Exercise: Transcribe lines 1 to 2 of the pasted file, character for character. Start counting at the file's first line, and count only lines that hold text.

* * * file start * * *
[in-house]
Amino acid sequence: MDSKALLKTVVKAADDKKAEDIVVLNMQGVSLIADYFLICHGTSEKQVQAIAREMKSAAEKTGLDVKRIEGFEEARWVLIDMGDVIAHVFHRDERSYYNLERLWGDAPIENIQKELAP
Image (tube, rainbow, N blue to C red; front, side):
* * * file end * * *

[in-house]
Amino acid sequence: MDSKALLKTVVKAADDKKAEDIVVLNMQGVSLIADYFLICHGTSEKQVQAIAREMKSAAEKTGLDVKRIEGFEEARWVLIDMGDVIAHVFHRDERSYYNLERLWGDAPIENIQKELAP